Today I want to tell you a story, talk about light and then introduce a new series I’ll be hosting here for the foreseeable future.
It all felt like a nightmare, one I half believed I would wake up from. Denial at it’s finest, or worst rather.
I stared down at my ruffled ballet flats pressed together on the funeral home carpet and marveled at the turn my life had taken. Just days before I had been laughing with my Dad on the phone and now I was standing 5 yards away from his body, laid out in a casket.
I couldn’t find the strength to approach it, to see him in his stillness, his glasses still and speckled with paint. As I stood there I felt a tap on my shoulder, it was my Grandpa, the one who had stepped up to pay for the costs of my Dad’s funeral.
It’s all a blur in hindsight, but I know I heard something like this: “I think it would be really nice if you and your siblings pitched in to cover your Dad’s headstone. It doesn’t have to be anything fancy, just a stone to go visit.”
I told him that yes, I would take care of it. Silently I wondered how I’d pull it off, I was in college, my brother was in High School and my sister lived in a group home in Texas, not a lot of money in that equation.
A few days after the funeral Kel (at that time my boyfriend who’d flown in to support me) and I headed up to the monument place recommended by the funeral home to figure out our options, headstone-wise. The worst shopping trip ever.
Over the next few weeks my mom and I decided on a black granite stone with the words of Romans 8:28 etched along the bottom.
“And we know that in all things God works for the good of those who love him, who are called according to his purpose.”
I chose a scripty, non deathlike font for the main text along the top and a pond scene with loons to be etched across the entire front. I took great care to make it something that didn’t feel like anything I’d seen in the cemetery before, something that felt more like life than of death.
It would be pricier than expected, but it was what I needed to do, it was the only design I could deal with.
I repeatedly assured everyone in my family that I’d take care of the headstone and I was determined to do just that. I was the oldest, I wanted to prove myself reliable, capable, strong. I didn’t even bother my siblings with it, they had enough on their plates.
My mother called repeatedly to ask when it would be delivered, the temporary marker card made her anxious.
How was I going to pay for it? I was 22, I had no idea. I supposed I would take out a loan against my beat up old car and give plasma to cover the rest. I’d figure it out, I had to.
I was mulling it all over one evening as I returned from my job waiting tables at On the Border. I walked into my ghetto apartment doorstep and fiddled with my keys until I found the one that opened my mailbox.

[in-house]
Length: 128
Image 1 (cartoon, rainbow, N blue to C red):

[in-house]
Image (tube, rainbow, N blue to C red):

I sifted through bills, coupons and junk until one letter caught my eye. I waited to open it until I’d plopped down on the futon in my apartment and removed my apron, which reeked of tortilla chips and margaritas.
Inside there was a card from my friends from church, the one I did youth group with. As I opened it to read the text a check dropped out. A check which covered the cost of the headstone nearly to the cent, which was exactly their intention when they pooled their money.
I set the check and torn envelope beside me on the futon and stared at the wall, my eyes welling up with tears. I couldn’t believe that people would come through for me like this, that they’d gone out of their busy ways to lift this huge burden off my shoulders.
They’d gone ahead and met my biggest need in a way that I never could have asked for. To this day, as I write these words I’m overwhelmed just thinking about it, the cold of that season met by the warmth of their love.
When I think about the miracles of my life, this is one of them. When I look back on the painful seasons surrounding the deaths of my parents I remember the light of love in the darkness of death. That light was always there and as such I reflect on those seasons with a sigh but also with a smile.
In the midst of the darkness, the light of love showed up over and over again never letting me feel hopeless or alone for long.
“The people walking in darkness have seen a great light, for unto us a child is born. Unto us a son is given.”
When we walk in the darkest of night and encounter the light of love through the hands of people, our stories connect all the way back to Isaiah don’t they? When we walk through darkness and encounter light, it’s His light. And when we get a chance to bring this light into the darkest places we are proclaiming his birth and resurrection, just as he said we would.
As much as we resonate with grief clichés I hope we also resonate with stories like this one. Times in which love showed up to carry us through in moments where our legs would have otherwise collapsed under the weight of our lives.
I want to share more stories like this, stories where in the midst of the worst seasons of our lives, love showed up again and again.
These stories reassure us that Christ is alive in the hearts of his children and they make us want to go and do more of the same. I don’t know about you, but I need that… I need it repeatedly.
So, along these lines I am starting a new series called “Love showed up: The best of people on the worst of days” and I’ve asked some of my friends to share their stories of love in the midst of grief and pain.
I think we will do it on Mondays, yes? Mondays could always use a bit more light.
I hope you’ll tune in and even consider sharing your story, I hope these stories warm you and fuel the fire that sends you into the darkness.